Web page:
Facebook hands teenagers a megaphone

Recently ReadWrite published a post explaining that Facebook now

…officially wants teens to overshare as well, in ways that might also make them better fodder for advertising.

Facebook announced today that teenage users can now make their posts public on Facebook. Previously, the social network limited users between the ages of 13 and 17 to distributing posts to their extended network—i.e. friends and friends of friends. Teenage users also now have the option to turn on the “follow” setting for their accounts, letting public updates appear in news feeds.

Read the whole post here.

Teenagers’ anti-sexting app launched

Recently the BBC reported that a new app, Zipit, has been launched to help teenagers politely and wittily deflect requests for intimate pictures.

The free app from (UK charity) Childline offers users a choice of what the charity says are “witty responses” to send instead

Although Zipit is a free app, sending responses Zipit provides may incur mobile carrier costs. Zipit is available through iTunes and Google Play.

A social profile is not a CV

Recently The Age published an article stating that a social media profile is not a CV. Year 11 student Olympia Nelson states:

Young people need to be protected from cyber-spying by prospective employers.

It’s creepy to think that you’re being stalked. But how much creepier is it that a group of people sit around a long table analysing information on your Facebook profile in order to decide whether you’re worthy of a job in their organisation?

The government is not going to protect you from people looking at what you publish. It’s up to you to portray yourself as you’d like to be seen. She continues:

When teachers say: ‘‘Do you know that employers will actually search you on Facebook’’, they are implicitly condoning, rather than condemning, this despicable and illogical intrusiveness. Why aren’t they devoting their energies to berating search companies for cyber-stalking?

Like it or not, what you put out to the public domain via social media is going to be viewed and used by others. Whether it’s a prospective employer or worse, what you publicly publish is open to all. We aren’t condoning it, we’re just telling it like it is. A reminder to think before you post.

Children caught in online blackmail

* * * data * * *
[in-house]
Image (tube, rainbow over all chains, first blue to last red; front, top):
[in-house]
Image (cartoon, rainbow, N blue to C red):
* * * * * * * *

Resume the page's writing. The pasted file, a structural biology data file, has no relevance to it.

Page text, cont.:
A concerning story from the United Kingdom a few weeks ago involving children being blackmailed. The Independent reports:

The blackmailing of children has emerged as a fast-growing new method employed by sadistic abusers who operate behind fake profiles on social networks to take advantage of youthful sexual experimentation and snare their victims, driving some to self-harm and even suicide.

…grooming often starts on open chat forums before moving to private areas where the talk swiftly becomes more explicit. The threats usually start after children have been tricked into posting compromising pictures of themselves that they fear could be distributed more widely.

Although this story concerns the United Kingdom, it’s a timely reminder for us all to ensure we know who it is we’re communicating with online and not to share intimate photos and/or videos online.

Online privacy faces court challenge

An interesting article coming out of the United Kingdom that spy agency GSHQ has breached the privacy of tens of millions of Europeans.

“[there is a] lack of democratic accountability and judicial oversight. People living across the UK, Europe, the USA and beyond need the courts to protect their rights and start the process of re-establishing public trust.”

As some of our data is stored in the United Kingdom and United States, this is an issue that is relevant to Australians as well. Currently it seems we don’t know who actually has access to our data, which is a real privacy concern.

Who’s chatting to your kids?

Queensland Police has developed a resource for parents entitled Who’s chatting to your kids: surviving social media use with your children. Covering the topics of:

  • social media
  • smart devices and phones
  • other internet capable devices (gaming consoles, smart televisions)
  • sexting
  • signs your child could be at risk
  • suggestions to help protect your child on the internet
  • family safety internet agreement

The most important piece of advice they give is:

Maintain direct and open communication with your child.

This is a useful resource, however, I’d like to see more emphasis on children and young adults being encouraged to build a positive digital footprint.

How do I deal with unwanted contact?

Today the Australian Communications and Media Authority‘s Cybersmart website is looking at how to deal with unwanted contact online. Advice includes:

  • Don’t respond and leave the site or chat session.
  • Report it to an adult that you trust or to the police, if there is a threat to your safety
  • Block the contact or remove them from your friends list.
  • Change your profile settings so that your personal details are kept private.
  • Don’t open messages from people you don’t know.
  • Keep the evidence. This can be useful in tracking the person posting unsuitable material.
  • Contact your ISP and/or phone provider, or the website administrator, there are actions they can take to help.

See more here.